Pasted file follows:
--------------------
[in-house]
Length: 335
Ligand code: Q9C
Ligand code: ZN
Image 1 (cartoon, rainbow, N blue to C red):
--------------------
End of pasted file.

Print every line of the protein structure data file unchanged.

[in-house]
Length: 335
Ligand code: Q9C
Ligand code: ZN
Image 1 (cartoon, rainbow, N blue to C red):